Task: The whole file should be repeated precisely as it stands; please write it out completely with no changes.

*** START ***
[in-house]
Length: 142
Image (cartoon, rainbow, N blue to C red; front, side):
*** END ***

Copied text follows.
[in-house]
Length: 142
Image (cartoon, rainbow, N blue to C red; front, side):